I did see it. He really did do it. The filth he’d collected from hours of handling machinery and money behind the counter polluted the cup in front of us. I’m at the movies with my mother. She’s pregnant but a stranger wouldn’t know that yet. I’m thirteen and it’s just us. My father and sister didn’t want to come. My mom ordered a root beer from the pimpled boy only a few years older than I. The redness of his face makes his blue eyes brighter and I can’t believe that for a second I thought he was cute. He asked my mom to repeat herself four, five times, unable to make out the accented words spilling from her mouth. Un rrrruuuttt beeeeeer, she sighs, a little quieter. She wants a root beer, I say annoyed. With him. With her. He walks to the soda fountain a few steps to our left. He should have felt my eyes on him. Then I see him do it. We both do. His hand, his disgusting hand, held over the brim of the cup, the soda filtering through his boney fingers. ¿Qué? ¿Viste eso? I hear her say under her breath. I know she’s not talking to me. He brings over the drink, places the stupid cup in front of us, and she asks to see his manager. He acts confused as if he didn’t know we’d seen him. She’s nervous to speak again. I can tell by the redness creeping up her neck, her ears sanguine. Her voice exits her mouth with mixed inflections trying at once to hold back tears and sound more American. I don’t know what to do. I don’t remember what I did. But I know she got a new soda. And we saw the movie and went home and no word of it was spoken to my sister or father. I dream my mother and the newborn baby die. They’re T-boned at an intersection I can’t quite make out. They’re in a body of water, floating, panicked and waving for help. Then they’re not. At school a few weeks, maybe a month later, I’m at the vending machine. I want so badly to press the button that will dispense the sweetest soda. But I don’t have a dollar. I must have left it at home, in the pocket of another sweater. The group of older boys behind me grows impatient. The junior high lunch hour is almost over. I turn and ask Drew, the tallest, the only one I know by name, the only one of those boys who knows me, if I can borrow a dollar. I’ll pay you back tomorrow, I add. And then he says it: I don’t trust Mexicans. The boys laugh. The bell rings.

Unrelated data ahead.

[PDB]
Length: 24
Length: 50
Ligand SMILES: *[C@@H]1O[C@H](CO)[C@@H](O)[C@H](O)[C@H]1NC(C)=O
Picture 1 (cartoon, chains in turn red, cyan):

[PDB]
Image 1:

Eloisa Amezcua is an Arizona native. Her poetry and translations are published or forthcoming from Poetry Magazine, The Journal, Prelude, and others. She’s the author of the chapbook On Not Screaming (Horse Less Press) and editor of The Shallow Ends. You can find her at www.eloisaamezcua.com.